Frederick III, Holy Roman Emperor (1415–1493), had the goal of summarizing the art treasures among the Habsburg possessions. Among other things, he brought some valuable books into the Vienna, among them the Prager Wenzelsbibel and the document of the golden bull.

Through his marriage with Mary of Burgundy, Maximilian I, Holy Roman Emperor (1459–1519) came into the possession of important books from Burgundy and north France, and brought these to Wiener Neustadt. With a value at that time estimated at 100,000 guldens, these books represented about an eighth of Mary's dowry. Also Maximilian's second wife, Bianca Maria Sforza, brought into the marriage as dowry, among other things, books from Italian workshops.

The books of the library, at that time, were kept partially in Wiener Neustadt, partially in Vienna, and partially in Innsbruck. After the death of Maximilian, the books were sent into the palace at Innsbruck. Besides the valuable books from the public treasury, the Bibliotheca Regia during the 16th century, which collected and categorized scientific works, developed in Vienna. Besides books, that library also contained globes and atlases. The library had expanded, in the course of the time, by donations of the personal libraries of individual scholars.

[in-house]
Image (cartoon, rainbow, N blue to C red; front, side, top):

As the first head librarian, Hugo Blotius was appointed in 1575 by Emperor Maximilian II. His most important task was drawing up the inventory of the library, which had grown to approximately 9,000 books. As a consequence, new works were added systematically, and other libraries were incorporated.

For the first time on August 26, 1624, the delivery was regulated by obligation copies to the library, by order of Ferdinand II. The Imperial Library also grew by purchases. Particularly, the library of Philipp Eduard Fugger led to a major expansion. From the Fugger library, the library currently has about 17,000 sheets of one of the first periodic printing elements, the Fugger newspapers.


In 1722, Charles VI, Holy Roman Emperor authorized the construction of a permanent home for the library in the Hofburg palace, after the plans of Leopold I. The wing was begun by Johann Bernhard Fischer von Erlach and started accommodating the library in the 18th century.